Things get ugly between them, and the movie doesn’t shy away from profanity, raunchiness, or toilet humor. This is probably one of your mom’s favorite movies, and for good reason TBH. Baby (Jennifer Grey) is staying at a fancy mountain resort with her family when she meets Johnny (Patrick Swayze), one of the resort’s dance instructors. When Johnny’s dance partner can’t perform with him, Baby offers to substitute for her, and you can guess where this is going. Though it’s not technically a musical (nobody sings), it does feature a lot of dance numbers, and let me tell you, it’s not called Dirty Dancing for nothing — lots of gyrating pelvises and heaving bosoms on display here.
The actors’ strong performances help the film win the day, despite a ludicrously far-fetched ending. Ari Aster’s latest is an early front-runner for most polarizing movie of the year. You’ll either get down with Aster’s sense of humor and submit to this absurd, punishing epic of mommy issues and paralyzing anxiety, or you’ll be alienated and put off by it. I erred more in the former camp—admiring the film’s abundance of detail, Aster’s visual imagination, and, yes, all the puerile humor. Aster’s use of a certain Mariah Carey track alone pays off the three-hour runtime. Easily as influential on the genre as that other summer ’08 comic-book movie, Iron Man, Christopher Nolan’s Batman Begins sequel works wonders because he never saw it as a superhero film.
Their performances are subtle and convincing, touching and gripping; crucially, they imbue these characters with the vivid humanity society denies them. British Iranian filmmaker Babak Jalalia’s Fremont moves slowly through carefully composed black and white frames. The film follows Donya (a wonderful Anaita Wali Zada), a 20-something refugee and former translator for the American military, as she tries to get by in Northern California.
It’s closer to a Michael Mann crime epic — except instead of Pacino and De Niro in a diner, you get a bloke dressed as a bat and a psychotic clown in a police interrogation room. After all the pre-release hype about how dark and brutal Fight Club was, one of the most surprising things to discover on seeing it was just how funny it actually was. And just as well; if you weren’t laughing at Bob’s “bitch-tits” or Tyler Durden’s human-fat soap-making antics, it would be pretty hard to process David Fincher’s bravura take on Chuck Palahniuk’s tale of modern masculinity running insanely rampant. If America were a person, then oil man Daniel Plainview (Daniel Day-Lewis) is a vampire. (A milkshake-drinking vampire, if you feel like mixing our metaphor with his own.) Which is why it’s appropriate that Paul Thomas Anderson gives the film a bit of a horror-movie vibe throughout and Day-Lewis delivers such a deliciously monstrous performance… Right up to the point where he spills literal blood in an empty mansion, haunted only by himself.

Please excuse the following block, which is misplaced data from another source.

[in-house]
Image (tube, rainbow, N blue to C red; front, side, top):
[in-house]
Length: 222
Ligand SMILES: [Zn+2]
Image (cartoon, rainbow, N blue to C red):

When her family moves to the suburbs, 10-year-old Chihiro finds herself in a magical realm where a witch turns her parents into pigs. She then must navigate an unknown world of gods, witches, and spirits to save her parents. Spirited Away is one of Hayao Miyazaki’s most beloved movies and makes the case that animation is not just for children. Its massive international success was also a huge win for Japanese animation, and many consider it the best animated film ever made.
Spaghetti Westerns also tended to be more dark than regular Westerns, featuring characters with murkier motivations and more bloodlust. The Good, the Bad and the Ugly is also widely remembered for its iconic score by Ennio Morricone. Everyone remembers where they were when they announced the wrong winner for Best Picture at the Oscars in 2017. The movie that (rightfully) walked away with the trophy that night was Moonlight, a coming-of-age story about Chiron, who we follow from childhood (Alex Hibbert) to adolescence (Ashton Sanders) to adulthood (Trevante Rhodes). Chiron grapples with his masculinity, sexuality, and Blackness through his relationships with his father figure, his love interest, and his mother. It all leads to a final scene that’s devastating, hopeful, and romantic in equal measure.
When Steven Spielberg brought them back on Isla Nublar, we felt for the first time they could be real, breathing animals (as opposed to monsters). And that’s as much thanks to Stan Winston’s astonishing animatronics work as to ILM’s groundbreaking CGI. How two sibling indie film-makers with only a slick, sexy little crime free movie sites film to their name (Bound) created their own blockbuster sci-fi franchise. And opened up western audiences to the truth that kung-fu acrobatics are so much more fun than watching American or European muscle-men waving guns around. While also making everyone examine some fundamental philosophical questions about reality.
So one of the pleasures of The Two Towers is seeing Middle-earth truly open out after the arrival at Rohan, where the series takes on more of a sweeping, Nordic feel… Building up, of course, to Helm’s Deep, a ferocious action crescendo which features gratuitous scenes of dwarf-tossing. Which is a brilliantly weird, round-the-houses way of reminding us that heartbreak should be valued as one of the things that makes us.